Feasibility of Pairing Behavioral Activation With Exercise for Women With Type 2 Diabetes and Depression: The Get It Study Pilot Randomized Controlled Trial

UMMS Affiliation

Department of Medicine, Division of Preventive and Behavioral Medicine; Department of Quantitative Health Sciences; Department of Medicine, Division of Cardiovascular Medicine; UMass Worcester Prevention Research Center

Publication Date


Document Type



Behavioral Disciplines and Activities | Behavior and Behavior Mechanisms | Clinical Epidemiology | Community Health and Preventive Medicine | Endocrine System Diseases | Epidemiology | Mental Disorders | Preventive Medicine | Women's Health


Major depressive disorder is often comorbid with diabetes and associated with worse glycemic control. Exercise improves glycemic control and depression, and thus could be a parsimonious intervention for patients with comorbid diabetes and major depression. Because patients with diabetes and comorbid depression are often sedentary and lack motivation to exercise, we developed a group exercise intervention that integrates strategies from behavioral activation therapy for depression to increase motivation for and enjoyment of exercise. We conducted a 6-month pilot randomized controlled trial to test the feasibility of the behavioral activation exercise intervention (EX) for women with diabetes and depression. Of the 715 individuals who contacted us about the study, 29 participants were randomized to the EX condition or an enhanced usual care condition (EUC), which represents 4.1% of participants who initially contacted us. Inclusion criteria made recruitment challenging and limits the feasibility of recruiting women with diabetes and depression for a larger trial of the intervention. Retention was 96.5% and 86.2% at 3 and 6months. Participants reported high treatment acceptability; use of behavioral activation strategies and exercise class attendance was acceptable. No condition differences were observed for glycemic control, depressive symptoms, and physical activity, though depressive symptoms and self-reported physical activity improved over time. Compared to participants in the EUC condition, participants in the EX condition reported greater exercise enjoyment and no increase in avoidance behavior over time. Using behavioral activation strategies to increase exercise is feasible in a group exercise setting. However, whether these strategies can be delivered in a less intensive manner to a broader population of sedentary adults, for greater initiation and maintenance of physical activity, deserves further study.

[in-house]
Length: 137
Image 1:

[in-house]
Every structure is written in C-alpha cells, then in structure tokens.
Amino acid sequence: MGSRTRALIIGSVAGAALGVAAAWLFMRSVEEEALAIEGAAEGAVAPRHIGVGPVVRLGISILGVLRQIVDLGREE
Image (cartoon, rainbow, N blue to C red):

UMCCTS funding

DOI of Published Version



Behav Ther. 2016 Mar;47(2):198-212. doi: 10.1016/j.beth.2015.10.005. Epub 2015 Oct 31. Link to article on publisher's site

Journal/Book/Conference Title

Behavior therapy

Related Resources

Link to Article in PubMed

PubMed ID